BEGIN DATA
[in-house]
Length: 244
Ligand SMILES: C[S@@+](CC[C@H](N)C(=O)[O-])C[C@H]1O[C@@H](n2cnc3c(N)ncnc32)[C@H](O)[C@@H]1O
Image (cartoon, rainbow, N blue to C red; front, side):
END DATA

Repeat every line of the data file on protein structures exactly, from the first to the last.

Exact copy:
[in-house]
Length: 244
Ligand SMILES: C[S@@+](CC[C@H](N)C(=O)[O-])C[C@H]1O[C@@H](n2cnc3c(N)ncnc32)[C@H](O)[C@@H]1O
Image (cartoon, rainbow, N blue to C red; front, side):